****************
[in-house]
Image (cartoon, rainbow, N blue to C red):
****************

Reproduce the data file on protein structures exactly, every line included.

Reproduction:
[in-house]
Image (cartoon, rainbow, N blue to C red):